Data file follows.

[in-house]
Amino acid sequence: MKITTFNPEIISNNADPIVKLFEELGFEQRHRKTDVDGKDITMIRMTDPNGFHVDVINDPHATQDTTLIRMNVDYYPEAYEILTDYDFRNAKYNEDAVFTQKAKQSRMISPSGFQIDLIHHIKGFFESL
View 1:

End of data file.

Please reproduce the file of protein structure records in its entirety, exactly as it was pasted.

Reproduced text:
[in-house]
Amino acid sequence: MKITTFNPEIISNNADPIVKLFEELGFEQRHRKTDVDGKDITMIRMTDPNGFHVDVINDPHATQDTTLIRMNVDYYPEAYEILTDYDFRNAKYNEDAVFTQKAKQSRMISPSGFQIDLIHHIKGFFESL
View 1: